Forget hygge. The original Nordic lifestyle trend was all about the ultimate comfort food: hotdogs.
The Syverkiosken [pictured above] is an Oslo landmark. The low-fi, 12 m sq kiosk located near to Alexander Kiellands Plass, has been serving hotdogs every day since 1979.
With prices starting from 20 Krone (£1.90), it’s one of the cheapest snack options in the city.
But there’s more to the Norwegian love of hotdogs than just a cheap snack.
There were previously more than 40 such kiosks around town but late-opening Syverkiosken is now the last one standing, fending off cheap hotdogs from convenience stores with its family recipes and retro-fashion styling.
“Hotdog kiosks have always been a part of our culture, a place where people from all walks of life stand beside each other,” says hotdog chef Elias Pellicer Ruud.
“For Norwegians, real hotdogs are the taste of nostalgia.”
Owner Erlend Dahlbo recommends using boiled wiener sausages while fried, German-style bratwurst are favored in the west of Norway.
What differentiates these to hotdogs in Denmark or Iceland is the topping, a thin potato pancake to keep your dog toasty.
Suitably inspired, I order The Special, a hotdog served in a bread roll with potato salad and mushrooms picked fresh that morning in the forest outside of Oslo.
I pair it with a can of Toyen-Cola, a local take on Coke.
The taste is comforting yet deliciously spiced with a particularly fiery brand of mustard and, when it explodes in my hands, smearing my chin with sauce, I wear it as a badge of honor.
Like any self-respecting Osloite, I’m lost in a moment of hotdog heaven.
The word means ‘bucket’ and reflects the style of cooking.
It’s one of Birmingham’s proudest inventions and, recently, the inspiration for new culinary tours that celebrate the city’s best-loved dish.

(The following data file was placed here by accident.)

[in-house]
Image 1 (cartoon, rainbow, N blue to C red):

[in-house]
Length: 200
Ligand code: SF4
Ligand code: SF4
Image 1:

It is the Balti and, in time for British Food Fortnight, I’m in Birmingham on a blustery day to see the city through the prism of its Balti heritage.
For the first leg of my Balti Break, I join Tabriz ‘Tabs’ Hussain of the Asian Balti Association for a tour of Birmingham’s so-called Balti Triangle, more precisely three streets in the city’s Sparkbrook district, home to around 40 Balti restaurants and communities of Pakistani, Bangladeshi and Yemeni families.
“The Balti was invented here around 1980, adapting a Pakistani recipe for the Western palette,” explains Tabs, as we head down Ladypool Road, stopping to admire exotic fruit and vegetables for sale outside the Raja Brothers store.
“It has helped bring prosperity to a previously deprived area.”
“Tourists never came here until a few years ago,” he adds. “Now the restaurants are packed with visitors to Birmingham,” he explains, highlighting some of the unfamiliar vegetables used in traditional Balti recipes.
Down the road at the Lahore Sweat Centre, we marvel at the vibrant rows of brightly coloured sweats, including chum chum made from semolina and milk, and coconut barfi.
The owners hands us samples and we relish the sugar hit.
The tour complete, we then stroll over to the Royal Naim restaurant on Stratford Road for the final ingredient in our Balti experience: dinner.
An informal, no-frills eatery, we sit at glass-topped tables with paintings of Kashmir adorning the walls.
As I tuck into my chicken and aubergine Balti, using the naan bread to scoop up morsels of chicken, co-diner Andy Munro, author of the Essential Street Balti Guide, explains his rationale behind the tours.
“It’s about unlocking the secrets of the area to foster cultural understanding via its cuisine,” explains Andy, who claims to have eaten over 2,000 Baltis and never once had a bad stomach.
Most of all, it’s about celebrating great flavours.
“A Balti is cooked in five minutes over a high flame and served in the same flat-bottomed wok to preserve the flavour of the spices,” grins Andy, dipping his naan hungrily.
“It’s cleaner and healthier than a typical curry – and it’s proudly Brummie.”
What did you think of this story? Post your comments below.